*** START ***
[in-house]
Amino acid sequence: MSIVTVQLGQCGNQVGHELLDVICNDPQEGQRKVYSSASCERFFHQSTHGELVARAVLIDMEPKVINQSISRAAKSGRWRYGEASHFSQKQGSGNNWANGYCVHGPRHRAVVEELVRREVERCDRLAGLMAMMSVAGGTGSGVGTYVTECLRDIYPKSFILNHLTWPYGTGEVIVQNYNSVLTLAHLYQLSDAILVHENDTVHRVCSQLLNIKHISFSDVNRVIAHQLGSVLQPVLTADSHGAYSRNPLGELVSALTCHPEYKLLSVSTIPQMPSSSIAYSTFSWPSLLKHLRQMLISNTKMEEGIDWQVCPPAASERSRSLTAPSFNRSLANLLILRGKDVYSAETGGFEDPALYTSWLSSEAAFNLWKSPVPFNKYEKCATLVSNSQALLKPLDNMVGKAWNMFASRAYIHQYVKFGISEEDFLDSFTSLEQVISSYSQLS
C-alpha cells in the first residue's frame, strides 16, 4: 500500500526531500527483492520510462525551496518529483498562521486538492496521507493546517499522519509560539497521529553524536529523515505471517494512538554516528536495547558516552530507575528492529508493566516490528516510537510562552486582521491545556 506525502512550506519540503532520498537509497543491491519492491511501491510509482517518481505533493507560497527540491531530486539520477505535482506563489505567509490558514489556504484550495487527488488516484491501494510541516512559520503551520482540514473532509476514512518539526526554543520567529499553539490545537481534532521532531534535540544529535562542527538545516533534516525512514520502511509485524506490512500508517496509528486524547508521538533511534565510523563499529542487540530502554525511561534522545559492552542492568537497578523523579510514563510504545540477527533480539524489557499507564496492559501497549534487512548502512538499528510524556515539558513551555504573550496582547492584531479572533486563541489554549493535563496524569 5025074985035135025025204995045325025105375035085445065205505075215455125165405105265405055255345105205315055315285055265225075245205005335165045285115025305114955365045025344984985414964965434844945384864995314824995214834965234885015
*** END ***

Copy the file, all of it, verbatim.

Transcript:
[in-house]
Amino acid sequence: MSIVTVQLGQCGNQVGHELLDVICNDPQEGQRKVYSSASCERFFHQSTHGELVARAVLIDMEPKVINQSISRAAKSGRWRYGEASHFSQKQGSGNNWANGYCVHGPRHRAVVEELVRREVERCDRLAGLMAMMSVAGGTGSGVGTYVTECLRDIYPKSFILNHLTWPYGTGEVIVQNYNSVLTLAHLYQLSDAILVHENDTVHRVCSQLLNIKHISFSDVNRVIAHQLGSVLQPVLTADSHGAYSRNPLGELVSALTCHPEYKLLSVSTIPQMPSSSIAYSTFSWPSLLKHLRQMLISNTKMEEGIDWQVCPPAASERSRSLTAPSFNRSLANLLILRGKDVYSAETGGFEDPALYTSWLSSEAAFNLWKSPVPFNKYEKCATLVSNSQALLKPLDNMVGKAWNMFASRAYIHQYVKFGISEEDFLDSFTSLEQVISSYSQLS
C-alpha cells in the first residue's frame, strides 16, 4: 500500500526531500527483492520510462525551496518529483498562521486538492496521507493546517499522519509560539497521529553524536529523515505471517494512538554516528536495547558516552530507575528492529508493566516490528516510537510562552486582521491545556 506525502512550506519540503532520498537509497543491491519492491511501491510509482517518481505533493507560497527540491531530486539520477505535482506563489505567509490558514489556504484550495487527488488516484491501494510541516512559520503551520482540514473532509476514512518539526526554543520567529499553539490545537481534532521532531534535540544529535562542527538545516533534516525512514520502511509485524506490512500508517496509528486524547508521538533511534565510523563499529542487540530502554525511561534522545559492552542492568537497578523523579510514563510504545540477527533480539524489557499507564496492559501497549534487512548502512538499528510524556515539558513551555504573550496582547492584531479572533486563541489554549493535563496524569 5025074985035135025025204995045325025105375035085445065205505075215455125165405105265405055255345105205315055315285055265225075245205005335165045285115025305114955365045025344984985414964965434844945384864995314824995214834965234885015